hazard mixtures make no more than can be used within a reasonable length
of time. Uncharacterized experimental mixtures will be made initially
in quantity not to exceed one gram, until the mixture has been properly
characterized as to sensitivity and other hazard.
Work in compliance with federal, state, and local laws. The local authorities
having jurisdiction will be aware of your activities. For people living
in Switzerland look here.
Test the (impact and friction) sensitivity of mixtures using the smallest
practical amounts of the mixture. Carefully note and avoid any
mixtures that are unduly sensitive. Test any motor design at least three
times, by proper static test, before committing that motor to flight.
rocket motors will be constructed of materials properly selected and
engineered. Don't use makeshift materials. Each rocket motor will be
designed so that its failure mode is longitudinal, and testing of such
motors will be performed in a vertical mode until the propellant has
been properly characterized. Strength of the casing material itself
will be a minimum of 1.5 times the maximum expected stress.
Dispose of scrap material and flammable waste from your operations properly,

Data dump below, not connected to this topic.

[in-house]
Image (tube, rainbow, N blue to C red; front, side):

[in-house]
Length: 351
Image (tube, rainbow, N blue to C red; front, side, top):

by remote ignition, on a daily basis or more often. Scrap and waste
will not be allowed to accumulate.
out any other procedures needed to minimize properly the hazard to myself,
to others, and to your surroundings.
combinations of chemicals lead to especially sensitive or instable mixtures.
There are many more of such incompatible chemicals/mixtures than listed
here but these are some of the more commonly encountered types:
and sulfur. Mixtures containing both are not
only very sensitive to friction and shock but are also known to ignite
spontaneously. The sulfur reacts with water and air to form trace amounts
of sulfuric acid. This will react with chlorates to form chlorine dioxide,
a yellow explosive gas that will ignite most flammable materials upon
contact. Addition of small amounts of barium or strontium carbonate
to chlorate based compositions is sometimes done to prevent buildup
of acid, even in compositions without sulfur. Many older texts on pyrotechnics
describe the use of chlorate/sulfur based compositions. Today, many
alternative and much safer compositions are available and there is therefore
no excuse for the use of chlorate/sulfur mixtures. This also means chlorate
based compositions cannot be used in items that also contain sulfur
based mixtures. For example: chlorate based stars cannot be primed with